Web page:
“Slavery, protection, and monopoly find defenders, not only in those who profit by them, but in those who suffer by them.”

Frédéric Bastiat

On the true nature of the Castro Revolution in Cuba: "The revolution was a cover for committing atrocities without the slightest vestige of guilt ... we were young and irresponsible. We were pirates. We formed our own caste ... we belonged to and believed in nothing -no religion, no flag, no morality or principle. It's fortunate we didn't win, because if we had, we would have drowned the continent in barbarism."

Jorge Masetti -In the Pirate's Den

La anarquía, es decir, la ausencia de fuerza estatal, no es una forma de Estado, y cualquiera que acabe con ella por el medio que sea, el usurpador nacional o el conquistador extranjero, rinde un servicio a la sociedad. Es un salvador, un bienhechor, porque la forma más insoportable de Estado es la ausencia de Estado.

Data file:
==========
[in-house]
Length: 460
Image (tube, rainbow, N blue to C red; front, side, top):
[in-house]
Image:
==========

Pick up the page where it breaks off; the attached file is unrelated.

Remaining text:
Rudolph von Ihering

"El envidioso está afligido no solo por sus males propios, sino por los bienes de los demás."  -Hipias

[la norma de conducta de los progres] "No hacer nada que alguien pueda envidiarme." -Hipasos

NINOTCHKA,

O EL DISCRETO DESENCANTO CON EL SOCIALISMO 

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Seguimos a la espera de la reedición de este importante libro del gran escritor español José Pla

Historia de la Segunda República.

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También a la espera de este importante libro del genial Rafael Abella.

Finales de enero, 1939, Barcelona cambia de piel